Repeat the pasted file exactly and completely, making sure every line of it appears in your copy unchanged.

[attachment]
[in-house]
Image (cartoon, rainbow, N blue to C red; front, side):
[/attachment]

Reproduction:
[in-house]
Image (cartoon, rainbow, N blue to C red; front, side):